Personally I thought this was a classic concert with a stunning stage show and it continues to disappoint me that Yes don''t do a Led Zep and really spend some love and attention on assembling,restoring and releasing properly packaged DVDs- including this one - rather than a constant diet of short,poor quality DVDs ( Philadelphia,Beat Club,70s etc) that are a real rip off.As far as I know ,they haven''t even remastered the Yessongs DVD for godssake,which makes QPR sound like the highest quality release....
I have the video of this show on two VHS tapes. It's a good representation of Yes at an outdoor venue in the '70s. 'Live at QPR' is kind of like the 'Songs From Tsongas' of the '70s. Here are some highlights of the show:
Sound Chaser: This song had a good intro after 'Firebird Suite'. Though the mix has problems, it's great to see how they performed it. This is the only officially released video of Yes performing this song. The audio of "Sound Chaser" at a different show is on 'The Word Is Live', which I have yet to hear.
To Be Over: Like "Sound Chaser", this is also the only official video source of the whole song. Whether it's studio or live, "To Be Over" is still emotional. This is a better video representation of the song than the instrumental one on 'Live at Montreux 2003'.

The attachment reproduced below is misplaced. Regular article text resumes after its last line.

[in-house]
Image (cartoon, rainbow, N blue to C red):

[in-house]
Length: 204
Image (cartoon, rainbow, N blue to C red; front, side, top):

The Gates of Delirium: The 'Symphonic Live' version is great, but this is the only version to show Patrick Moraz. Though audio of "Gates" from the 1976 tour is available on 'Yesshows', this is a good visual representation.
Long Distance Runaround: At this show, Yes performs an emotional acoustic version of this song. This beats the version on 'Yes Acoustic: Guaranteed No Hiss'.
Patrick Moraz Solo: This medley includes "Papillion" ('Refugee', 1973) and 'Chachaca' ('Story of I', 1975). You get to see Pat's style here.
Ritual: Possibly the only '70s footage of "Ritual". 'Yesshows' may have the audio of this song from the 1976 tour, but this version is different in that it has a few lines from "The Remembering" after the intro. The climax of "Ritual" sounds spacier than the studio version. When I saw the climax of "Ritual" when I was little, I thought the stage was on fire.
Sweet Dreams: This, along with 'Songs From Tsongas', is the only source of a live version of this song. The audio of this song from QPR made it onto 'The Word Is Live'.